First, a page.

In case you're wondering who I am, I am actually a resident of Covington, LA, on the northshore of New Orleans, having survived Katrina myself. I work in New Orleans and was relocated to Houston for four months. Now that I'm back, I have been volunteering anywhere and everywhere I can to help the Katrina animals. I heard that the shelter in


Waveland, MS was having a really, really rough time of it, and went over there to see for myself and offer what help I could this past weekend. Before it was all said and done, I had written the shelter a personal check for $500 for emergency vet care and the wheels had begun turning in my mind with respect to how I could get them the help they truly need for their animals. That's when I contacted Best Friends, and you know the rest of that story.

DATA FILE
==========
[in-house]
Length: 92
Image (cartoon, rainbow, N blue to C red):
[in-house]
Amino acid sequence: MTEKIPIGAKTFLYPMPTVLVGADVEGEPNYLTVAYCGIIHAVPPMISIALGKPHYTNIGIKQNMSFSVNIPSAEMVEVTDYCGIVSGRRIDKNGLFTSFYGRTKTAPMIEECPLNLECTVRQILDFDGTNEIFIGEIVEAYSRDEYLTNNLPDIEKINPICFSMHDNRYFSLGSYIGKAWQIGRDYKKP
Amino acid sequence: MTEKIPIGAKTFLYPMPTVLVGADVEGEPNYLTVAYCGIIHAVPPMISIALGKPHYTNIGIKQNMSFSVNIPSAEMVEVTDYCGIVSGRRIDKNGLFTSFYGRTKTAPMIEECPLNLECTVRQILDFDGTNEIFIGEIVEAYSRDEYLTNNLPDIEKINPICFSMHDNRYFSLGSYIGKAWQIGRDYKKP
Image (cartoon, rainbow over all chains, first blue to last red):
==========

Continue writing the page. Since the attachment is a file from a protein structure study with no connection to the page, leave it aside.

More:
I'm not sure if you're aware of it or not, but Waveland, MS was "ground zero" for Hurricane Katrina. New Orleans suffered terribly due to the levee breaches, but Katrina virtually wiped out Waveland and the Gulf Coast. And, to this day, Waveland seems to be the town the world forgot. As you drive through the streets which are the few that are not flooded out, all you see is foundations of homes, steps leading up to homes that are no longer there, and homes that may have survived but are in no way in a condition to be lived in. There are relatively few FEMA trailers and there are actually signs painted on houses that say "FEMA forgot us." Needless to say, the animals at the shelter and animal adoptions have taken a backseat, and, unfortunately, the Waveland Shelter is NOT A NO KILL SHELTER. [The shelter is doing the best that they can, but again, they are in the town the world forgot. They have not received government financial assistance.] That's where the need for assistance comes in. There are many animals there already -- beyond the capacity of the shelter to house -- and more are coming in every day.